Law School Case Brief
Estate of Kauffmann v. Rochester Inst. of Tech. - No. 17-CV-6061-CJS-MWP, 2018 U.S. Dist. LEXIS 131825 (W.D.N.Y. Aug. 6, 2018)
Absent fraud or mutual mistake, where the parties have reduced their agreement to an integrated writing, the parol evidence rule operates to exclude evidence of all prior or contemporaneous negotiations between the parties offered to contradict or modify the terms of their writing.
Plaintiff Stanley Kauffmann (Kauffmann) was an author of numerous movie reviews primarily for The New Republic, an independent journal of opinion promoting “novel solutions to the challenges of the present time.” It was found that 141 of the reviews in The New Republic were republished in a book authored by third party defendant Robert J. Cardullo (Cardullo) and published by an entity belonging to defendant Rochester Institute of Technology (RIT). The Estate of Stanley Kauffmann (the Estate) claimed that 44 of those reviews violated Kauffmann's copyright in them. RIT claimed that Kauffmann did not own the copyright to those works in Cardullo's book, since he and The New Republic agreed in 2004 that all the reviews Kauffman wrote for the journal were a "work made for hire" as defined in the Copyright Act of 1976. 17 U.S.C. § 101. Plaintiff and defendant filed cross-motions for summary judgment.
By republishing Kauffman’s reviews in a book, did defendant violate Kauffman’s copyright in them?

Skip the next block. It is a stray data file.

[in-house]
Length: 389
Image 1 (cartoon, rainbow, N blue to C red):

Under The Copyright Act of 1976, a “work made for hire” was “a work specially ordered or commissioned for use as a contribution to a collective work..., if the parties expressly agree in a written instrument signed by them that the work shall be considered a work made for hire.” The Copyright Act further stated that “in the case of a work made for hire, the employer owned all of the rights comprised in the copyright.” In the case at bar, the Court noted that the letter between plaintiff and The New Republic stated that the articles written by the former for the latter were “works made for hire,” as that term was defined under the US Copyright laws. The Court further noted that the letter on its face was a contract and that Kauffman signed the agreement in the space provided. Therefore, the Court averred that the letter contained all the terms necessary for a contract: offer, acceptance, consideration, mutual assent, and an intent to be bound. Viewing the Letter as a contract, and having found that its terms were unambiguous, the Court held that the Estate's submission of extrinsic evidence regarding the Letter was admissible only if it was permitted under the parol evidence rule. The parol evidence rule operated to exclude evidence of all prior or contemporaneous negotiations between the parties offered to contradict or modify the terms of their writing. As such, the Court granted RIT’s motion for summary judgment.
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